Before the 78 rpm shellac record, there was Thomas Edison’s wax cylinder, which had one amazing advantage over the format that would supplant it: you could record as well as play.
On March 25, the Library of Congress announced that it has added the Vernacular Wax Cylinder Recordings collection at the UCSB Library to the National Recording Registry.
That’s made David Seubert, director of the UCSB Library’s Department of Special Research Collections, very proud, as for many years preservation of these recordings and the library’s massive collection of 78 records has been his baby.
“It’s an acknowledgment that this particular type of recording is essentially unique,” he said in a press release this week, “and this genre is an important cultural artifact that should be recognized and preserved.”
Since 2002, 25 recordings are chosen annually by the Library of Congress, with input from the public, as historically important and worth preserving. Past honorees include Martin Luther King Jr.’s “I Have a Dream” speech from 1965, the first transatlantic broadcast from 1925, and a recording of Stravinsky conducting his own “The Rite of Spring” from 1940.
The collection of 700 recordings won’t be moving to Washington D.C., however, and anybody interested in hearing these recordings can do so: The library has put a huge selection of them online to hear.
These recordings, not meant for the general public, are one of the clearest audio snapshots we have of American life from 1890-1920.
What they reveal is an immigrant-heavy American middle class, who recorded their own wax cylinder messages. Some people record their children, some sing, some record New Years parties, some recite poems and soliloquies. Not everything is in English.
“They represent the first home recordings,” says Sam Brylawski, chair of the National Recording Preservation Board, the group that advises the Library of Congress on what gets named to the recording registry. “It’s like the Brownie camera, where people could take their own photographs for the first time. So this is like an aural snapshot of certain people at certain times.”
Other recordings include a song sung by a Civil War veteran, and the voice of a certain R.C. Wombough. Born in 1823, she is the earliest-born American woman whose voice survives on a recording. She wasn’t famous — it’s just that her doting son decided to record his mom.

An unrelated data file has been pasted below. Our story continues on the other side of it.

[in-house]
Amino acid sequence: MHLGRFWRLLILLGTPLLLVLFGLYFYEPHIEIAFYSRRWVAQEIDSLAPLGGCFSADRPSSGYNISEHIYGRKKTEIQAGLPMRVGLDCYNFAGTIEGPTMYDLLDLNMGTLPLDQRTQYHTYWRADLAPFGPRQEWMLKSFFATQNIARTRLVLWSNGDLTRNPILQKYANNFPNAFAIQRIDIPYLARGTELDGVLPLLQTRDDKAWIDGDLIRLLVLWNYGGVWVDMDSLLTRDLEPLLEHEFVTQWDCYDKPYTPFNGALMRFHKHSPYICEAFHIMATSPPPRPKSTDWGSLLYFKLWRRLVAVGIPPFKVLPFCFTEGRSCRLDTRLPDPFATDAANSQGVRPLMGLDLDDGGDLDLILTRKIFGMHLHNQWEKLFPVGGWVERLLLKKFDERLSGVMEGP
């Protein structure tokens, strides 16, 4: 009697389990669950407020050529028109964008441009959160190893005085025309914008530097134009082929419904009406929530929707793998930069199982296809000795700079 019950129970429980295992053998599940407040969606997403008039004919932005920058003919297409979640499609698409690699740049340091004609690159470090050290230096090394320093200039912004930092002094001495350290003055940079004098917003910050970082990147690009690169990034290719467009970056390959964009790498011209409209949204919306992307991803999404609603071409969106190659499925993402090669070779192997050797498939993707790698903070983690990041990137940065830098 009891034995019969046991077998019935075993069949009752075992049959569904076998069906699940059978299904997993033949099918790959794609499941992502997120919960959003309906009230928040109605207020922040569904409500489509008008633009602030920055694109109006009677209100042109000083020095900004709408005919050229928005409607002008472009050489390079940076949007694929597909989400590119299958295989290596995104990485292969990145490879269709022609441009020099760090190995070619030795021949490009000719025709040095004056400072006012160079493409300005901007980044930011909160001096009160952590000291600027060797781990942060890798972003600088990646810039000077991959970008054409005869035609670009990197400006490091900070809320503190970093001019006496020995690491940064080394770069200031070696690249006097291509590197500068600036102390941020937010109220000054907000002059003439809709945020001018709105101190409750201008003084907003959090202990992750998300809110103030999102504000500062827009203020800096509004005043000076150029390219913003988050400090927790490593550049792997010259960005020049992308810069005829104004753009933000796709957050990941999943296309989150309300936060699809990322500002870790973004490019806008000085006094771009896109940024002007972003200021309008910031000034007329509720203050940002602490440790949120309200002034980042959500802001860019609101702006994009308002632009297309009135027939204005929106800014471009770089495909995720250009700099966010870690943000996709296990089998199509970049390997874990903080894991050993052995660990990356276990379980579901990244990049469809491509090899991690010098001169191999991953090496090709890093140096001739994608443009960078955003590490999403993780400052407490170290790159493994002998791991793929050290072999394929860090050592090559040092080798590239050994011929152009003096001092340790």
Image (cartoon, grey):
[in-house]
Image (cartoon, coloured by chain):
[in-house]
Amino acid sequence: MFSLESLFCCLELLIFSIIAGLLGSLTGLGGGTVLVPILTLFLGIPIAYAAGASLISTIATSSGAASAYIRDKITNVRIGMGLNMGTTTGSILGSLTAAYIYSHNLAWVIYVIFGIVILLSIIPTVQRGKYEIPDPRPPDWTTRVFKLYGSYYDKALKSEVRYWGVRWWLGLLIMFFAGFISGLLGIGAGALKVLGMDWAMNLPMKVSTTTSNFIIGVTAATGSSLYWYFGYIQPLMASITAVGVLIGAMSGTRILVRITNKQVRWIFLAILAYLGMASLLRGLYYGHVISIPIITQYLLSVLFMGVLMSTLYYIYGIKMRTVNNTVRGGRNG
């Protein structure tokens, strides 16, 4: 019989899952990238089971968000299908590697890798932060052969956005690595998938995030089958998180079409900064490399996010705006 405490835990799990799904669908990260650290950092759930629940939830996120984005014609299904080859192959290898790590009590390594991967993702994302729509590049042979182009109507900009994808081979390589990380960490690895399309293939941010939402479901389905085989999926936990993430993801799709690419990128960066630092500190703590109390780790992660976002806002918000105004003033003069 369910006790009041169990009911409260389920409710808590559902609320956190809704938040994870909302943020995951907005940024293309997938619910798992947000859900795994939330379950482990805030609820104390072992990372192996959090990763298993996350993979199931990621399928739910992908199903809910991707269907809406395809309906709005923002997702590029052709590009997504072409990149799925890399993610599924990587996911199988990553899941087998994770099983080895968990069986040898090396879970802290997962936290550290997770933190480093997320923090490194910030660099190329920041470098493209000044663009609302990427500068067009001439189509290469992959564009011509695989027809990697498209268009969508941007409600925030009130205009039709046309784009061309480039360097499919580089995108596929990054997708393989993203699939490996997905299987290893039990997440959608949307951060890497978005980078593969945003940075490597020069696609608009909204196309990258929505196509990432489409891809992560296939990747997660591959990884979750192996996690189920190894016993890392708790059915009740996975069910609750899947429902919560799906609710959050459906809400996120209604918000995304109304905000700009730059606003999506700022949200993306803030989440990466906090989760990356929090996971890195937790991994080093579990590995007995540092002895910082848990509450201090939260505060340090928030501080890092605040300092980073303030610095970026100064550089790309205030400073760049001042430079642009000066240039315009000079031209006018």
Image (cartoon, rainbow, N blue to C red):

The cylinders look like small soda cans, and would sit on the player like a paper towel roll. A record player-like stylus would run along the grooves from left to right, with most recordings between three and five minutes.
The cylinders were erasable too: one just needed to shave off a millimeter or two of the wax and start again. Thomas Edison promised something like 100 recording opportunities before the wax ran out, but nobody at UCSB’s library could verify that.
Unlike commercial cylinders, the recordable home cylinders are more fragile, so each item in the collection gets played once on a professional piece of modern equipment specially designed for the cylinders and transferred to a high-quality digital file.
Because the cylinders are so personal, many come without any identifiable labels. The names of the people who recorded them are lost to history, though sometimes a name or a place or a time reference can help researchers figure out a rough location or date. Some descendants have been tracked down.
“There’s a mystery to them,” says Mr. Brylawski. “There’s one recording of thespians in a New York hotel and they’re sort of thanking the hotel for having them there. I don’t really understand the circumstances in which it was made. They conjure up images of these guys in a room recording this.
“It’s not like picking up a phone and talking into it. It was all done without electricity. You had to shout into this horn to record.”
The machines were heavy but portable, so people would take them to the beach, or on holiday back to the old country to record relatives. It was an expensive piece of machinery, but not unaffordable — the way we would look at the investment into a new computer.
The core of the collection at UCSB comes from several decades of research and collecting by anthropologist Donald R. Hill and sound historian David Giovannoni, who had already digitized their collection before donating it to UCSB in 2013.
Although a majority of the world’s wax recording reside in private collectors’ hands, “Nobody has as many recordings online for the general public to listen to as the UCSB library,” says Mr. Brylawski. “No one comes close.”
Other 2014 inductees into the registry include recordings made by Benjamin Ives Gilman at the 1893 Chicago World’s Fair; “Black Snake Moan/Match Box Blues” by Blind Lemon Jefferson from 1927; Gerry Mulligan and Chet Baker’s band playing “My Funny Valentine” (1953); Ben E. King’s hit single “Stand By Me” from 1961; The Doors’ debut album; and “OK Computer,” the 1997 album by Radiohead.
The recognition of the collection by the Library of Congress helps UCSB’s library financially — the institution helps pay for some of the digitizing and the man hours needed.
The last word — a very prophetic one — comes from an unidentified man in 1915, who has an inkling of where his voice may stand in history:
“”Hello Mr. Graphophone. How do you do this evening? Well, it’s certainly been a long while since I talked to you. This is nineteen-hundred and fifteen now. The last record I had with you was about nineteen-hundred and two. All of these records will be very interesting in time to come when all of these people have passed away and only their voices can be heard on your Graphophone. Goodbye!”
The collection can be listened to here: http://cylinders.library.ucsb.edu/